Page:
Pearl Jam, Binaural
Where Pearl Jam ceased to matter to a large portion of the world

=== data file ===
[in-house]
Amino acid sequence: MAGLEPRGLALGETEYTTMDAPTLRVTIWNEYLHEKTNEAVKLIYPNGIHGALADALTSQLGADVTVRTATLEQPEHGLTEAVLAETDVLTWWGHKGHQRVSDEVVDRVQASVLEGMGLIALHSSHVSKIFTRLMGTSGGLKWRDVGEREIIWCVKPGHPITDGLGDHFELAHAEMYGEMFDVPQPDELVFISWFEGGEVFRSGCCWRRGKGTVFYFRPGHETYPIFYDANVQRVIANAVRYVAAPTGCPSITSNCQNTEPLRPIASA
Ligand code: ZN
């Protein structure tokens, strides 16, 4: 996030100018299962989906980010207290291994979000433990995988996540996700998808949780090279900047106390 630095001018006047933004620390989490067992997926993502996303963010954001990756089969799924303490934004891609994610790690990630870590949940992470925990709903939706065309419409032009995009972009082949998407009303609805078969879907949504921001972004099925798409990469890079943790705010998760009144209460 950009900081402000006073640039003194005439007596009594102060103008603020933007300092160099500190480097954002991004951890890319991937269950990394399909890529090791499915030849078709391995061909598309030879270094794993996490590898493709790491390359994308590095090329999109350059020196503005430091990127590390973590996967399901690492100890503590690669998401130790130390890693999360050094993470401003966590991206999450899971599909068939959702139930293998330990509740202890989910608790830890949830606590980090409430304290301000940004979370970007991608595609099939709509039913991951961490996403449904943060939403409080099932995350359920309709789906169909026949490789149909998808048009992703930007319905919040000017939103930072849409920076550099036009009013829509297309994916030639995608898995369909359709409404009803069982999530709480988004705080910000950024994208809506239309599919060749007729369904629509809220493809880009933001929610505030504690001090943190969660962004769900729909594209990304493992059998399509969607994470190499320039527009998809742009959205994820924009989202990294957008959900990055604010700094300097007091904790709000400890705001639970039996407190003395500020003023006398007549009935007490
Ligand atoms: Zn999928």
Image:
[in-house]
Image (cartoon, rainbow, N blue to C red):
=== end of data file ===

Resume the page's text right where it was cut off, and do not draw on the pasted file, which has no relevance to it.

Binaural is a solid record hobbled by two drawbacks: 1) mortifyingly two-dimensional production that nearly flattens McCready and Gossard’s guitars into dueling sine waves, and 2) the soft-fall sensation that Binaural represents the moment where Pearl Jam ceased to matter to a large portion of the world. In outline, Binaural is the same sort of record as Yield; a mix of garage-rocker rave-ups, mid-tempo folk rockers, a sprinkling of tasteful diversions (the ukulele ditty “Soon Forget,” the rumbling saloon blues of “Rival”) with pointedly democratic songwriting credits from most of the band. There are some powerful moments: The ballad “Light Years” is as open-hearted and vulnerable as Vedder had been in years; “Thin Air” is a pleasingly direct Everly Bros.-style pop tune; and the righteous, mangy “Rival,” obliquely inspired by the hate-crime beating of Matthew Shepard, proved they still had bite. If it all added up to less than the sum of its parts this go-round, well, chalk that up to the passage of time.